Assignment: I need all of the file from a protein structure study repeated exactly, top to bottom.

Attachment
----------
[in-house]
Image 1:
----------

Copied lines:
[in-house]
Image 1: